Catching Up with Jonathan Katz
The Comedy Central cult classic animation Dr. Katz: Professional Therapist is returning in a new format on Audible. The show was developed into a 15 episode audio series called Dr. Katz: The Audio Files, which debuts today on Audible Channels. Notable guests in the new series include Sarah Silverman, Ted Danson, Ray Romano, Margaret Cho, Weird Al, Maria Bamford, Pete Holmes, Dana Gould, Emo Philips, Ron Funches, Andy Kindler and more.
Similar to Dr. Katz, Professional Therapist, the comedians play themselves as patients every week in 15-minute therapy sessions with Dr. Katz (Jonathan Katz). I talked with Katz about the new audio series and the changing world of comedy.
Why was 2017 the year to bring back Dr. Katz in audio format?
I think part of it has to do with the clamoring of the fan base. Dr. Katz is different than me, but he resembles me in so many ways. He has my name. Like me, he’s Jewish. Unlike me, he has a son. I have two beautiful kids and two kids who are not so attractive. Sorry, I can’t stop making that joke. But he has an ex-wife, I have a real wife. I’ve been married for over 36 years.
Wow, congratulations. What’s your secret?
Our marriage works because we don’t take each other for granted. Every morning, for 36 years, I ask my wife how she takes her coffee. It’s a small thing, but it’s annoying. Sorry, I can’t stop making jokes. But real advice — I think tenderness helps.
More than a decade has passed since Dr. Katz was on Comedy Central. Did playing that character feel any different this time around?
Well, it’s odd because Dr. Katz is still 49 years old. And I’m getting older myself. I used to listen to Dr. Katz before I saw it. I used to drive around and listen to a rough cut of an episode on a cassette. So I’ve always been in love with the audio part of it.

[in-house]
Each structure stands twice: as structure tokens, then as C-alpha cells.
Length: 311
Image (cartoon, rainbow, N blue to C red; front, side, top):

How much of the Audio Files are prepared material and how much is improvised?
Much like the TV show, what we really want is comedy from comedians. I want them to do their material, but that doesn’t always fit into the context of therapy. So we wander all over the place. Also there’s no audience. So when Sarah Silverman was doing it, I was concerned that she thought she was bombing, because there was no laughing. The patient is sort of guessing at how they’re doing. But they know that what they’re doing will be a function of hours of editing before it’s put in front of an audience. I was nervous about what Sarah was thinking when I was recording with her. But playing a shrink is one of the easiest things you could ever do as an actor. I just make guttural sounds every once in awhile. My actual shrink used to say, “What is it we’re not talking about today?” Which I thought was very good.
How much have you learned from your own therapists about how to conduct a session?
I learned a lot of terminology. Hypervigilant thoughts. Was there a history of depression in your family? Just sort of questions that would not occur to me as a civilian to ask patients. If you were my patient, I would ask, “Do you have any intrusive thoughts?” And then you would pay me.